CEG had a fantastic first day of business. Mikel ran our first support group for parents of special needs students in Southeast Volusia, while I went to my first IEP meeting as an Educational Planner. If these two events are an indication of the future, it is bright, indeed. The topic of Special, but not enough for an IEP was a great choice for our first support group meeting; if interest remains high we may need to expand to two meetings a week. The door prizes were a lot of fun and brought some laughs to a rather serious subject. Thanks to Bert Fish Hospital for sponsoring this vital group.
It was exciting to participate in an IEP meeting as a private consultant. I was a little nervous, but an involved, informed parent and fluent educational professionals made me feel right at home. The only down side was when I went to sign the IEP, and next to my name was the word “Advocate.” I gently explained that I am not, and never will be, an advocate. CEG doesn’t advocate, and it was a rookie mistake I won’t make again in this new venture–not clarifying my role at the outset of the meeting.
But, this snafu and the ensuing discussion did make me think about the topic of advocacy, and who acts as an advocate in an IEP meeting. I always think of advocates in the professional sense; individuals trained to deal with legalities in the public education system. That’s not, and never has been, my role. One of the reasons I decided to leave my current position with the Center for Autism and Related Disabilities is frustration with the local school system absolutely refusing to believe CARD doesn’t do advocacy. ESE top brass not allowing me (or any of my colleagues)–in seven years!– to do a training for principals and administrators called What is CARD? resulted in huge wastage of taxpayer dollars. I had to explain, hundreds of times to hundreds of educators, what CARD does and doesn’t do. Every time I did, my salary was clicking through my brain like numbers going up, up, up on a ticker; what a time (and money) saver it would have been if I’d just been allowed to take twenty minutes at a principals’ meeting. I decided to quit fighting that battle. And here I was, running right into the same insistence on viewing anyone accompanying a parent to an IEP meeting as an advocate, with all the negativity that engenders! It made me think about what parents have been talking openly about in support groups; the defensive posture they run into at the IEP table.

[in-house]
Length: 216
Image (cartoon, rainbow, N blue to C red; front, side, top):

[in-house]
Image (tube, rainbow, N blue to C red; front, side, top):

It is so frustrating for families and other stakeholders in the process–tutors, behaviorists, doctors, and therapists–to experience this puzzling defensiveness. Imagine how frustrating it must be for students as they begin to participate in, and master understanding, the planning process! At CEG, we are determined to get everyone on the same side of the table; the student’s side. How wonderful to be working toward this goal we firmly believe in; parking egos and drawing from each team member those skills, ideas, and assets which build strong documents to support access to crucial educational goals. Along with a growing number of parents, I believe that this is a vital necessity in restoring Volusia schools to the focused, student-centered, community enhancing organization it used to be.
After we cordially cleared up the little advocacy misunderstanding, signed off on the IEP, and wrapped up the meeting, I walked out with the parent feeling that wonderful sense of peace which accompanies knowing you have done your best work.
And it felt pretty darn good to walk out as my own boss.
Mikel and I had a good laugh together while wrapping up the day’s paperwork and responding to client e-mails and phone calls; he won our little bet. He’d said, “They’ll try to make you an advocate, just watch!” I, ever the optimist, disagreed. Ah, well. How wonderful to be working with my partner, who balances and brings me back down to earth.
Overall, a beautiful first day of business.